I ran a short passage from Charles Dickens’s Christmas Carol,
and its authorized German translation by Julius Seybt, through the free
Paralink translator. Now it’s time to test the performance of
Here we take Julius Seybt’s authorized German translation of the
original passage and use this machine translation tool to see if we come up
with an English version which bears some resemblance to the original:
Judge for yourself:
"Oh! But he was a tight-fisted hand at the grindstone, Scrooge! A squeezing, wrenching, grasping, scraping, clutching, covetous, old sinner! Hard and sharp as flint, from which no steel had ever struck out generous fire; secret, and self-contained, and solitary as an oyster. The cold within him froze his old features, nipped his pointed nose, shrivelled his cheek, stiffened his gait; made his eyes red, his thin lips blue; and spoke out shrewdly in his grating voice. A frosty rime was on his head, and on his eyebrows, and his wiry chin. He carried his own low temperature always about with him; he iced his office in the dog-days; and didn’t thaw it one degree at Christmas."
WORLD LINGO TRANSLATION:
"O, it was a true blood Auger, the Scrooge! Greedy, zusammenscharrender, holding, stingy old Sünder; hard and sharply like a flint, from which still no steel struck a warm spark; locked and been content and for itself, like an oyster. Cold weather in its heart made its old courses solidifies, its pointed nose still pointedly, its face of Runzeln, its course rigidly, its for eyes red, its thin lips blue, and sounded from its krächzenden voice. A frosty hoar frost lay on its head, on its brows, on the strong short hair of its beard. It always dragged its own low temperature with itself around; in the dog steam turbine and gas turbine systems it cooled its Comptoir as with ice; to the Christmas season it did not warm it around a degree."
Well, I'm not sure how World Lingo came up with "dog steam turbine" or the "gas turbine systems", but there you go. This machine translation by World Lingo is an example of a gist translation, and needs rewriting and retranslating to create an acceptable text.
For you German speakers, I've taken the original extract in English and put it through World Lingo to see how it's translation into German compares with Julius Seybt's authorized German translation of the original:
O, er war ein wahrer Blutsauger, der Scrooge! Ein gieriger, zusammenscharrender, festhaltender, geiziger alter Sünder; hart und scharf wie ein Kiesel, aus dem noch kein Stahl einen warmen Funken geschlagen hat; verschlossen und selbstbegnügt und für sich, wie eine Auster. Die Kälte in seinem Herzen machte seine alten Züge erstarren, seine spitze Nase noch spitzer, sein Gesicht von Runzeln, seinen Gang steif, seine Augen rot, seine dünnen Lippen blau, und klang aus seiner krächzenden Stimme heraus. Ein frostiger Reif lag auf seinem Haupt, auf seinen Augenbrauen, auf den starken kurzen Haaren seines Bartes. Er schleppte seine eigene niedere Temperatur immer mit sich herum; in den Hundstagen kühlte er sein Comptoir wie mit Eis; zur Weihnachtszeit wärmte er es nicht um einen Grad.!"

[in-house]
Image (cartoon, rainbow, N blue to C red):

"OH-! Aber er war eine feste-fisted Hand am Schleifstein, Scrooge! Ein Zusammendrücken, entreißend und greifen und reiben und erfassen, covetous, altes sinner! Hart und Scharfes als Feuerstein, von dem kein Stahl überhaupt heraus großzügiges Feuer angeschlagen hatte; Geheimnis und selbständiges und alleines als Auster. Die Kälte innerhalb er fror seine alten Eigenschaften ein, geklemmt seiner spitzen Nase, geschrumpft seiner Backe, versteift seinem Gait; bildete sein Augen Rot, seine dünnen blauen Lippen; und Speiche heraus shrewdly in seiner kratzenden Stimme. Ein eisiger Rauhreif war auf seinem Kopf und auf seinen Augenbrauen und seinem wiry Kinn. Er trug seine eigene niedrige Temperatur immer ungefähr mit ihm; er gefror sein Büro in den Dog-days; und taute es nicht ein Grad am Weihnachten auf."
So what does this show us?
Translation is so much more than simply swapping German words for English equivalents and vice versa, and this text offers a good example of the need to consider the setting of the original text, ie. the context.
Here German translator Julius Seybt reverts to borrowed language in order to be true to the text’s setting, using the French Comptoir to translate Dickens’ use of the word office.
The standard German translation of office is Büro, so we can assume that Seybt had a specific reason for chosing Comptoir - perhaps to reflect the historical setting of the novel?
In terms of correct interpretation, why the problem here with dog-days ? As you see in Julius Seybt’s translation, the correct translation is actually the literal translation - Hundetagen. And covetous, sinner and shrewdly should all be covered in World Lingo's dictionary database.
These German and English translations show just how subtle and complex language can be.
TIP! These texts are taken from the Gutenberg Project,
the first and largest distributor of eBooks, and are copyright free.
The Gutenberg Project is also one of my recommended sources of free German translations for German translation students, providing copyright-free English and German versions of classic texts.
Who is World Lingo?
offers free email, text and document translations - but only max. 500 words in length.
is a lead-in for the translation products and services sold by their parent company TransPerfect, a global language services provider with over 5000 employees and offices in 90 countries. Free online translators like World Lingo will continue to improve and become
increasingly useful, but will never match the beauty and coherence of a
well considered translation.
Want to know more about what makes a good translation? Check this out.
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